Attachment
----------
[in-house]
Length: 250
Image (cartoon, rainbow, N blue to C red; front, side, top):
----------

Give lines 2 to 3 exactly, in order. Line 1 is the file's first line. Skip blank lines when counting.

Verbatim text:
Length: 250
Image (cartoon, rainbow, N blue to C red; front, side, top):